Social trust and anti-immigrant attitudes in Europe: a longitudinal multilevel analysis of 32 countries Jeffrey Mitchell, postgraduate student at the Department of Sociology, Umeå University
The seminar will be held in Eglish.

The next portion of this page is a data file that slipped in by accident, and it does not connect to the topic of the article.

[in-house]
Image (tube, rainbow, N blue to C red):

Previous research on the relationship between prejudice and macro contextual indicators has focused primarily on material conditions as threat inducing factors that lead to anti-immigrant attitudes. However, the empirical evidence supporting this link is mixed, while research focusing on how non-material factors such as political and media environments influence prejudice has been more fruitful. Still, one of the most consistently used measures of social cohesion, social trust, has largely been left unexamined. This article uses 7 rounds of the ESS (2002-2014) to test how differences in social trust, both within and between countries influence attitudes about immigrants. Results show that countries with higher levels of social trust have more favorable attitudes towards immigrants, and while changes in social trust over time are small, they result in comparably large changes in anti-immigrant attitudes, even when controlling for material conditions such as proportions of migrants and economic conditions.